ROCKS IN THE COVE HAD TO BE REMOVED USING GUNPOWDER TO ALLOW BOATS ACCESS AND FISH CELLARS CONSTRUCTED TO PROCESS THE LARGE CATCHES WHICH OTHERWISE WERE TAKEN BY SEA STRAIGHT TO NEWLYN AND OCCASIONALLY PORTHLEVEN. WHEN NOT IN USE THE SEINE BOATS WERE HAULED UP THE SLIPWAY USING A LARGE CAPSTAN OUT OF THE WAY OF HIGH TIDES AND ADVERSE WEATHER. THERE WAS NO WEATHER FORECAST TO BE HAD OTHER THAN THE FISHERMENS EYES AND THEIR OWN EXPERIENCE OF INCOMING STORMS AND A NIGHTWATCHMAN WOULD BE EMPLOYED TO PROVIDE EARLY WARNING THAT THE BOATS NEEDED TO COME OUT OF THE WATER.
IN THE ABSENCE OF PILCHARDS CRAB, LOBSTER AND CRAWFISH WERE THE MAIN CATCH OF THE SEASON. AS THEY STILL DO TODAY, THE FISHERMEN USED BAITED POTS LEFT ON THE SEABED MADE FROM LOCALLY SOURCED WILLOW STRANDS REPLENISHED AT THE BEGINNING OF EACH YEAR. EACH FARM IN THE AREA WHICH HAD A STREAM OR WATERCOURSE HAD AN AREA WHICH GREW WILLOW TREES.
ADDITONALLY HAND LINING AND NETTING WAS USED TO CATCH COD, HADDOCK,HAKE AND OTHER FISH WHICH FOLLOWED THE SHOALS OF PICHARDS, HERRING AND MACKERAL. (RF 2012 & 2016)
(SEE " A HISTORY OF MULLION COVE CORNWALL" PUBLISHED 2012 BY ROBERT FELCE)
THE 18TH AND 19TH CENTURIES SAW MANY SHIPWRECKS OFF MULLION. THERE ARE MANY RECORDS OF VALUABLE CARGOS BEING LOST ALONG THIS COAST BUT ONE OF THE EARLIEST RECORDED SHIPWRECKS IN MULLION PARISH WAS THAT OF A 250 TON FRENCH SHIP CALLED LA VILLE DE PARIS, CAPTAINED BY WILLIAM RIGNER, WITH A CARGO OF 400 BARRELS OF OIL, THOUSANDS OF PIECES OF WHALE BONE, AND A LARGE QUANTITY OF ELEPHANT AND SEA HORSES TEETH TRANSPORTED FROM THE WHALE FISHERY ON THE SOUTH COAST OF AFRICA. AFTER BEING WRECKED AT MIDNIGHT ON A STORMY NIGHT SHE QUICKLY WENT TO PIECES AND ONLY THREE CREW MEMBERS OUT OF 21 WERE LEFT ALIVE. A SMALL QUANTITY OF WHALEBONE WAS RECOVERED ALONG WITH PIECES OF OLD IRON.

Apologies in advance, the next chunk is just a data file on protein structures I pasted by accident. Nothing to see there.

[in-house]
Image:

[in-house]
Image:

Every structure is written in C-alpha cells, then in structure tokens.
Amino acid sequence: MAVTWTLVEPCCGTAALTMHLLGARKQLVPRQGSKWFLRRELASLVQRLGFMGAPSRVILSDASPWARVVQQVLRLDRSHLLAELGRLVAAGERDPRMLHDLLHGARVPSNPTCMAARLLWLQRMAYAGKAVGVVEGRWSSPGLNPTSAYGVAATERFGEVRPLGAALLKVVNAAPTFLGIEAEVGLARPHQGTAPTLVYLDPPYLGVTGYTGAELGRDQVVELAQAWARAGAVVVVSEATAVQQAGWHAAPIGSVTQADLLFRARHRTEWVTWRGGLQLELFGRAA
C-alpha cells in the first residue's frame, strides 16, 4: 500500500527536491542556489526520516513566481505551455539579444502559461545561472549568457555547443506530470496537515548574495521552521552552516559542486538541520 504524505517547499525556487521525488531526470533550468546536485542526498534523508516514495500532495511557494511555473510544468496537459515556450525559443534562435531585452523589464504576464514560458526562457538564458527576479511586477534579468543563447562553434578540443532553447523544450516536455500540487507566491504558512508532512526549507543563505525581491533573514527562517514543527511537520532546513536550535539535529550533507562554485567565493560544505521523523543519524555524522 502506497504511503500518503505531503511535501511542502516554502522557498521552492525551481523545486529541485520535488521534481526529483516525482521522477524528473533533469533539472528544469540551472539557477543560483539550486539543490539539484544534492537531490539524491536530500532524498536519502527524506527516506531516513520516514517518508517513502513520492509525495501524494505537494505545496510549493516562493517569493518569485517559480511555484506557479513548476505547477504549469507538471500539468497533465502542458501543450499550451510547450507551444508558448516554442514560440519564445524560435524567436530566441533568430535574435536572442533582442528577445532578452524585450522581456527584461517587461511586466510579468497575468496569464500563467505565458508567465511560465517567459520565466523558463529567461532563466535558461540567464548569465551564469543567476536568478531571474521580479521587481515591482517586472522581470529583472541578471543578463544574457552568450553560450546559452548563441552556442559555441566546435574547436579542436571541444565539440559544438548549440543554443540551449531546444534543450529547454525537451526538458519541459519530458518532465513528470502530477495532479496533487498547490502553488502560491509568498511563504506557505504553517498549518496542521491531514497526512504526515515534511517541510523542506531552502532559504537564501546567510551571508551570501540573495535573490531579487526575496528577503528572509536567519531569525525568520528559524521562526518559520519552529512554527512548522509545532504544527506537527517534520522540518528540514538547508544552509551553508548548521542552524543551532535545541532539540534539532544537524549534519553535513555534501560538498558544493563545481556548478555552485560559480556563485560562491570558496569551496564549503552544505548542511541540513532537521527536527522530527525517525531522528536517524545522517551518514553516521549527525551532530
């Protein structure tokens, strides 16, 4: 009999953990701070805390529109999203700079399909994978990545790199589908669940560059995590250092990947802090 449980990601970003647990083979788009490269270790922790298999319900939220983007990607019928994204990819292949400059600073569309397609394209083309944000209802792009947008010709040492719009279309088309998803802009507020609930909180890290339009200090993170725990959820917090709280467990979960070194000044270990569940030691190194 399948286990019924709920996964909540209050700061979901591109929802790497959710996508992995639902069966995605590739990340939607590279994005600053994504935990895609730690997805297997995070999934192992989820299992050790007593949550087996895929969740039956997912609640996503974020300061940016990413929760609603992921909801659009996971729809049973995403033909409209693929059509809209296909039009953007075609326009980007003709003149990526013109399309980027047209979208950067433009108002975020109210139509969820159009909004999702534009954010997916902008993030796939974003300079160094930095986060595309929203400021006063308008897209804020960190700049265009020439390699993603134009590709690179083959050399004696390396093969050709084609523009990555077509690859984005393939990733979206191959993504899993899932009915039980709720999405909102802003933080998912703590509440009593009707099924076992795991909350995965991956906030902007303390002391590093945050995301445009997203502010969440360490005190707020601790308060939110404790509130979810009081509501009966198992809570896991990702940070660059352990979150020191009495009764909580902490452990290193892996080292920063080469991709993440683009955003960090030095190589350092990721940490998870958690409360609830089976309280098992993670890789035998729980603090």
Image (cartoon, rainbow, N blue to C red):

Below; Passing Tregwyn Fishing off the pier.
HARBOUR AND CAPSTAN 2009 HARBOUR 2013
A WINTER SCENE 2010
BELOW; PUTTING THE HARBOUR BACK TOGETHER AFTER THE STORMS- 2014
Below; SITE OF THE 18TH CENTURY SOAPSTONE QUARRY TORCHLIGHT CAVE " THE GREAT CAVE" 18TH CENTURY MINING DRIFT
OVERLOOKING THE VRO AND MULLION ISLAND MAY 2005 THE VRO AND GULL ROCK
A SPITFIRE OVER THE COVE
BELOW- WEST PIER, "TREGWYN" IN THE BACKGROUND AT LOW TIDE 2014
VISIT OF THE DAWN TREDDER SEPTEMBER 2010 (FROM THE CHRONICLES OF NARNIA)
BELOW; TRAVELLING COMPANION "MABEL ALICE"- THE REPLACEMENT FOR THE PENLEE LIFEBOAT SOLOMON BROWNE TRAGICALLY LOST IN 1981.
IN THE 1890s MULLION HARBOUR WAS THE SCENE OF A REGATTA INVOLVING FISHERMEN,COASTGUARDS, LOCAL PEOPLE AND VISITORS TO THE VILLAGE AND COVE. RACES TOOK PLACE INVOLVING FISHING BOATS AND OTHER SAILING CRAFT, COASTGUARD CUTTERS AND SWIMMING RACES AND DIVING FROM THE HARBOUR PIERS WERE POPULAR. EXHIBITIONS OF HOW TO RESCUE DROWNING SUBJECTS TOOK PLACE IN THE HARBOUR. PRIZES WERE GIVEN, INCLUDING ENGRAVED SILVER CUPS WHICH WOULD TODAY BE WORTH A LOT OF MONEY.THE EARLY REGATTAS DREW MANY HUNDREDS OF SPECTATORS, AND COMPETITION AMONGST COMPETITORS WAS HIGH.
THE REGATTAS LOST SOME OF THEIR POPULARITY BY THE 1920s AND CEASED COMPLETELY UNTIL THEY WERE RESURRECTED BY AN ENTHUSIASTIC GROUP OF LOCAL PEOPLE IN THE 1960s. DURING THE LAST 20 YEARS THE REGATTA HAS BEEN REPLACED BY AN OCCASIONAL "HARBOUR DAY" AND INVOLVES THE NATIONAL TRUST. THE LIZARD LIFEBOAT (RNLB THE LADY RANK) OFTEN PAID A VISIT, ALONG WITH RESCUE HELICOPTORS FROM CULDROSE, AS HERE IN PHOTOS FROM 2009.
STORM IMOGEN 8.2.16
BELOW; SHOWERS ON THE HORIZON
BELOW; MEN-Y-GRIB FROM HENSCATH JUNE 2016/HARBOUR
BELOW-A new boat in the harbour- Pegasus 9.7.17